1996 NAIA Purebred Rescue Symposium

1996 NAIA Purebred Rescue Symposium

By: Norma Bennett Woolf  Date: 12/31/1996 Category: | Canine Issues | Shelter Issues |

The NAIA Purebred Rescue Symposium was held in Raleigh, NC, March 16 & 17th. Speakers brought a wealth of information to about 60 rescuers who attended with topics ranging from the human animal bond to preventing burnout.

First on the agenda Saturday was I. Lehr Brisbin, a canine behavior researcher and ecologist at the Savannah River Ecology Laboratory at the U of GA. Brisbin outlined the history of man-dog relationships and talked about the Carolina Dog and the New Guinea Singing Dog and his projects for saving both breeds. Soft-spoken and passionate about his subject, Lehr captivated the audience.

Equally soft-spoken and determined, Gary Patronek DVM talked about the application of epidemiological theory to the problem of dogs in shelters. Gary has followed his previous study of a PA shelter with one done in Indiana; his results will be published first in a veterinary magazine and then in the popular dog press. His main points were that the problem is complex, that no single factor can be targeted as "the" solution, and that we must forego blaming people if we are to further reduce shelter deaths. Much progress has been made according to the evidence, and further progress is possible only if we understand why dogs wind up in shelters and how to intervene in the process so they don't wind up in shelters.

Bob Brown DVM discussed the importance of health screening and cooperative efforts between veterinarians and rescuers. He suggested contacting a veterinary association to find veterinarians who would be interested in helping a particular breed; making a formal proposal to a veterinarian to spell out the things you would ask of him and the things you will do in return; and including the veterinary community in rescue efforts as partners, not adversaries. He also made the point that the veterinarian shares the responsibility for the partnership -- that the burden does not belong to rescue alone.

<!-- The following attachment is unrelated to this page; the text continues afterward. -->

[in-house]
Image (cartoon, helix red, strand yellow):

At lunch, AKC board member Ken Marden presented two of the annual awards for excellence in rescue; I'll post the info about the winners in a separate message.

After lunch, Capt. Arthur Haggerty discussed the use of temperament assessment and training in rescue, followed by Cindy Goodman with an exhaustive outline of information about the legal aspects of rescue. Some of Cindy's stuff was pretty scary -- she had one anecdote about a rescue group that was sued six months after the adoption because the dog chewed a pool cover that cost $3000 to replace and another about a foster family that sued the rescue group because the dog they fostered brough hookworms into their kennel.

The day ended with a panel question and answer session that lasted well beyond the scheduled quitting time. Some folks stayed in the seminar room even longer to hear the two members of the Suncoast Bulldog Friends put on an impromptu session about fundraising. (One of their ideas was a kissing booth at a local fair -- with a Bulldog as the star attraction!)